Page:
Vale Institute of Technology and Fiocruz will carry out the most extensive genome sequencing study of the new coronavirus Sars-CoV-2 so far developed in Brazil. Both institutions will collect at least 1,000 samples of the virus that causes COVID-19, which has become the greatest challenge for humanity. The goal is to produce knowledge around vaccine and medicine that will reduce the impact of the disease; foster epidemiological studies; correlate genetic variations of the virus and the clinical history of the disease; and develop more accurate diagnostic tests. Vale will invest BRL 2.4 million in the research, to be developed in two years, starting in June. Samples will be provided by collection centers from all Brazilian states. To get an idea of the size of the work, by May only 290 samples of Sars-CoV-2 had been sequenced in Brazil, with only 157 considered high quality. There are other initiatives underway, but the sequences have not yet been disclosed. It still a small sample compared to the need to understand the genetic variability (mutation) manifested by the virus in the country, which gives it a unique identity. The works combined will add significant scientific knowledge for the country. 35,000 high-quality SARS-CoV-2 genomes have already been sequenced worldwide, each representing the characteristics of the virus circulating in the regions where they were collected.
The new coronavirus genetic research involves direct participation of 50 researchers and research fellows linked to research and bioinformatics centers in Belém, Manaus, Natal, Belo Horizonte and Rio de Janeiro directly involved in the genetic research on the new coronavirus, supported by a network of collaborators across Brazil and abroad. ITV also cooperates with the Cabana Project, which brings together genomics experts in Latin America and Europe, and with the European Bioinformatics Institute, in Cambridge, UK, which maintains an open database with information about the study available to researchers worldwide.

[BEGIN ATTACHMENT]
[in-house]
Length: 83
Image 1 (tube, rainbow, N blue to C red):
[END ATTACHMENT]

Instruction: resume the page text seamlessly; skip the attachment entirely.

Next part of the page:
The Covid-19 Genome Project is one of the most important initiatives ever carried out by Vale Institute of Technology, which celebrates its 10th year anniversary in 2020. ITV is home to one the most advanced genome sequencing laboratories in Latin America. In four years, its researchers mapped the genetic sequencies of more than 8,000 specimens of fauna and flora in the Carajás region, including the genome sequencing of the Jaborandi (Pilocarpus microphyllus), whose active ingredient is a substance used in cosmetics and pharmaceutical products, such as medication for glaucoma.
ITV has extensive experience in research and studies on Amazonian biodiversity, species genomics, recovery of mined areas, cave fauna and flora, and climate change, among others.